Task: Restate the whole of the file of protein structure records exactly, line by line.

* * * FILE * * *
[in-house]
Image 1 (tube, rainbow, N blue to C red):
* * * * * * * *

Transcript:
[in-house]
Image 1 (tube, rainbow, N blue to C red):